In Gauḍīya philosophy, śakti and śaktimān together are accepted as the one undivided, non-dual truth. Only in Gauḍīya philosophy is the word acintya used to define the truth, or the divinity, of His śakti, which is beyond our material sense perception. We do not see this mentioned anywhere else. Ācārya Śaṅkara has referred to para-brahma as acintya in his explanation of Viṣṇu-sahasra-nāma, and Śrīdhara Svāmī has also used the word acintya in his commentary on Viṣṇu Purāṇa. However, there is some speciality in Śrī Jīva Gosvāmī’s consideration of the word acintya. Śrī Jīva Gosvāmī has pointed out that the word acintya means śabda-mūlaka śrutārthāpatti jñāna-gocara, or that which can be known through the statements of the scriptures received in guru-paramparā. We have already explained this.
It is impossible for śakti and śaktimān to be either absolutely different or absolutely non-different from each other. In the Vedas we find śruti-mantras indicating difference and others indicating non-difference; both types of mantra are evident. It is the inconceivable potency (acintya-śakti ) of the one para-tattva which reconciles this simultaneous difference and non-difference. This is also impossible to fathom by human intelligence; it is understood only by taking shelter of the evidence of śāstra as it is received in paramparā. Therefore, Śrī Jīva Gosvāmī has accepted this acintya-bhedābheda-tattva.

Others, such as Bhāskarācārya, the followers of the Purāṇas and the devotees of Lord Śiva, have also accepted bhedābheda (difference and non-difference), but their bhedābheda is based on logic and is therefore refutable and inconsistent. There is also some bheda (disparity) practically and theoretically in the monistic theory (kevalādvaita-vāda) of the māyāvādīs. However, the testing stone of scriptural evidence shows that it is false to accept the non-existence of māyā on the pretext of the indescribable real-and-unreal advaita-vāda logic. Therefore, kevalādvaita-vāda is imaginary and contrary to śāstra. The theory of eternal difference (bheda-vāda) is also accepted in the doctrines of Gautama, Kanāda, Jaiminī, Kapila and Pātañjalī, but it is not in agreement with Vedānta.

Natural bhedābheda or dvaitādvaita is accepted even in the doctrine of Nimbāditya Ācārya, but it is also incomplete. Śrī Rāmānuja’s viśiṣṭādvaita-vāda accepts the difference between śakti and śaktimān, so Śrī Rāmānuja can be called another type of dualist (dvaita-vādī). In the purely dualistic philosophy (dvaita-vāda) of Madhvācārya, because of the acceptance of extreme bheda, there is an eternal difference between the dependent tattvas and the independent tattva, Īśvara. In this philosophy, five types of differences are eternal, real and beginningless: the difference between

  1. jīva and Īśvara,
  2. jīva and jīva,
  3. Īśvara and jaḍa (inert matter),
  4. jīva and jaḍa and
  5. jaḍa and jaḍa.

In addition to this, Madhvācārya accepts the eternal sac-cid-ānanda vigraha of Nartaka Gopāla. Śrī Caitanya Mahāprabhu accepted the Madhva sampradāya because of their strong belief in the eternal spiritual form of the Lord, and this is the fundamental foundation stone of this acintya-bhedābheda.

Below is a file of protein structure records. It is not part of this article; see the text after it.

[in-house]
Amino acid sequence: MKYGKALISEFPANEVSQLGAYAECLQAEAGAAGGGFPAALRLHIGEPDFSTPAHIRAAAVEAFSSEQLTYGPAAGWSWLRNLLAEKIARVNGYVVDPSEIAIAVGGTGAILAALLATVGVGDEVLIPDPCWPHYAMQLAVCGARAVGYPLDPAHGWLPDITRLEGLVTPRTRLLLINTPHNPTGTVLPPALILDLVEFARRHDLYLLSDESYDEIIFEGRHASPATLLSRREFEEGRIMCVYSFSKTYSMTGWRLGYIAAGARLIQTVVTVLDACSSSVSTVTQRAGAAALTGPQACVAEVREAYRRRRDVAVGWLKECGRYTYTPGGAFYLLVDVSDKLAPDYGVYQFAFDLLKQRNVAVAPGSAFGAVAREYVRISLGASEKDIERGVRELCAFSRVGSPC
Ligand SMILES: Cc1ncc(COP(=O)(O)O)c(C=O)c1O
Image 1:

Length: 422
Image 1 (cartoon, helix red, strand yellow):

There are some technical differences between the philosophical opinions expounded by previous Vaiṣṇava ācāryas because of some incompleteness in them. The sampradāyas are different simply because of these technical philosophical specialities. By the power of His omniscience, Śrī Caitanya Mahāprabhu, who is directly the para-tattva, has compensated for the deficiencies in all these doctrines and thus completed them. He has bestowed His mercy on the world by giving the thoroughly pure, scientific and realized conception of acintya-bhedābheda, correcting and completing Śrī Madhva’s ideology of sac-cid-ānanda vigraha, Śrī Rāmānuja Ācārya’s śakti-siddhānta, Śrī Viṣṇusvāmī’s śuddhādvaita-siddhānta and tadīya sarvasvatra, and the dvaitādvaita-siddhānta of Nimbāditya Ācārya.

When we assess the statements from all limbs of the Vedas, we find that one eternal truth is to be known. This eternal truth is that the world is real; it is not a false substance imagined out of ignorance. It has arisen from the unimpeded will of the Supreme Lord. It is not manufactured by the jīva. To attribute reality to something false is called vivarta, illusion. Although the world is perishable, it is real. It has arisen from the glance, that is, simply by the will, of Īśvara, the possessor of inconceivable potency. There is no place for vivarta in this. Parameśvara’s māyā called aparā-śakti, the inferior potency, has created the inert material world full of moving and non-moving entities in accordance with His will. The principle of acintya-bhedābheda is applicable to the whole universe. Although the universe is real, its existence is not eternal. This very fact is proved by the śruti-mantra, nityo nityānām (Kaṭha Upaniṣad 2.2.13, Śvetāśvatara Upaniṣad 6.13).

Exclusive bheda, exclusive abheda-vāda, śuddhādvaita and viśiṣṭādvaita-vāda are all localized, or contextual, perspectives found in some areas of the śruti-śāstra, which are simultaneously opposed to the perspectives found in other areas. But the doctrine of acintya-bhedābheda is the most perfect and complete conclusion of all limbs of the Vedas. This very doctrine is the abode of the natural condition of the jīva and it is also consonant with the reasoning of śāstra. The jīva’s eternal relationship is not with this inert world. The creation is not a transformation of vastu, the para-brahma Himself; it is a transformation of the śakti of para-brahma. This gross and subtle universe is merely for the jīva’s endeavour to enjoy sense gratification.